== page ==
There’s a lot that college students don’t know about credit cards. Truthfully, I lost focus many times in college with all of the parties and fun stuff going on. At the end of the day, you should not have a problem finishing college without credit card debt. I’m here to help you.
Today I wanted to throw out a few facts about the new credit regulations that were brought to us by the Credit Card Act of 2009.
If you’re under 21, you’re going to have to either prove your income or find a cosigner.
No longer can those without a job be given access to a couple of hundred dollars just by signing a few papers. Thankfully, those credit card scams have been halted. You need to prove that you have an income so that you can be given access to credit. Makes sense to me. How were those people planning on paying back the money they borrowed without any cash coming in?
If you can’t prove your income but want a credit card just to start building your credit history, you’re going to have to bother one of your relatives or anyone else that you can find to cosign for you. You better be nice to them for the next week or buy them a coffee next time you see them.
College students can no longer be taken advantage of.
The new law doesn’t allow credit card marketers to solicit their products on the college campus. The company is also not allowed to offer a “free gift” as a bonus for signing up for a credit card.
In the past, credit card companies were known for setting up their booths right on campus where freshmen would be forced to take notice. Just to entice students to sign up for a credit card they usually offered a “free gift” in the form of a Frisbee or a school shirt.
You’re now informed of how long it will take you to pay off your credit card balance while making just the minimum payment.
When I received my first ever credit card statement I was ecstatic to find out that I only had to pay a minimum payment of $20. I thought that this was such a great deal. I borrowed so much money and I only had to pay back a small portion of it. I brought this up to one of my professors in college. Then I was shocked when I found out that this payment usually just covers the interest.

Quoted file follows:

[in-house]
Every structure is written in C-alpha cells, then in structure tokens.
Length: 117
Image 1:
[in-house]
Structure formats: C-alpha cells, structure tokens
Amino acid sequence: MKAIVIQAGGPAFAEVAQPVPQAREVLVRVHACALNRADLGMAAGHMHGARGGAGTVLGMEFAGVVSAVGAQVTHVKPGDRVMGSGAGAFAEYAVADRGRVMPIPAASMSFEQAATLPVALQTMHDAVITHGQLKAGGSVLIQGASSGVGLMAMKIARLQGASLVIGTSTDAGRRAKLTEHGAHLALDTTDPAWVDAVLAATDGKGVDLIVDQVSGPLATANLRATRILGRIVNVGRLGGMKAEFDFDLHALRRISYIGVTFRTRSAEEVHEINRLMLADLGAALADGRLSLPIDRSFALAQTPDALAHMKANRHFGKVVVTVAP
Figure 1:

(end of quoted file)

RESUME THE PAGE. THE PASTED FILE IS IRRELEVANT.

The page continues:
Credit card companies can no longer blatantly rip us off.
Generally speaking, we’re now safer as credit card users. The company needs to warn us ahead of time before increasing the APR on our card. This is excellent because there have been too many horror stories of honest people getting hit with an absurd interest hike out of the blue. It’s also easier to dispute credit card charges if a problem comes up.
With all of that being said, by now most companies have found a few ways around this act with certain loopholes.
According to Dave Ramsey, a number of interesting loopholes have been observed. Here are a few of the loopholes that the credit card companies have managed to pull off since the act has been introduced:
- Credit card companies will not market “on campus.” They will, however, set up booths in common areas right off campus where college students are bound to see them. The definition of “campus” has been blurred.
- Some students have gotten away with listing their student loan debt as income. I don’t even want to start my rant on this one.
- When it comes to gifts, you may not get a t-shirt any longer, but they’ll offer you an “account credit” to entice you to sign up. That $50 signing bonus can be a nice little incentive when you’re already in the market for a credit card. If you’re clueless about how credit works, that $50 is just a way for the company to hook you in.
The overall issue with credit cards is still the same regardless of government regulations or any studies that are released. Just because you warn people of the inherent risks, it doesn’t mean that it’ll deter poor behavior. Cigarette companies have been forced to mention disgusting facts on their packages about how you might get lung cancer or how smoking can lead to erectile difficulties, and I still see people smoking everywhere. I just hope that you walk away from this piece knowing where you stand with credit card regulations.